Alcoholic dating service

I am worried that he's not stable enough, though, and that the relationship won't stand a chance until he's really back on his feet (including finding a new job). I get the time has passed but your situation is interesting. One year sobriety in my book is strongly recommended. I mentioned this one evening as we were discussion his issues and recovery.

If an addict cannot handle being sober for one year, I would fear for your physical safety and your sanity if you were dating him as caring for someone who continues to relapse is exhausting. I said to him that I didn't mind going through it as I came out of it as a stronger person. I recently met someone and it was going quite well.

Second, they should be actively working a program of recovery – attending meetings, volunteering, practicing self-care and so on – not just begrudgingly staying away from drugs and alcohol while addictive patterns fester.

These provisos are in place to give addicts a fair shot at lasting recovery and to protect the people they might date from falling for someone who is unhealthy, unavailable or worse.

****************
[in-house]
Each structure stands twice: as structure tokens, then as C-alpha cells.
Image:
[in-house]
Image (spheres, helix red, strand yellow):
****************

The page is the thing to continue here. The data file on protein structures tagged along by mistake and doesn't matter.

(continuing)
He's tried and failed over the past year to clean up on his own, and has checked himself into a 5-month rehab program (inpatient except on weekends) that does non stop therapy, alternative therapies, and exercise. I admire him for that and we have a good laugh and seen good together.

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First, the recovering addict should have at least one year of sobriety, and preferably many more.If you believe addiction is a sign of weakness or a character flaw, dating a recovering addict probably isn’t for you.Sometimes if your alarm bells are ringing, there is good reason.Some are deeply spiritual people whose lives are infused with meaning and purpose, while others volunteer in their communities or have interesting hobbies that keep them grounded.Because recovery is a lifelong process, recovering addicts are in a perpetual state of self-improvement.

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